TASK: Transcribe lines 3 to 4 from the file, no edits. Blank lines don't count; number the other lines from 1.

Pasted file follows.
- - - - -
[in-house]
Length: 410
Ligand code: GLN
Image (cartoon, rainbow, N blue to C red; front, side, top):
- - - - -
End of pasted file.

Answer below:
Ligand code: GLN
Image (cartoon, rainbow, N blue to C red; front, side, top):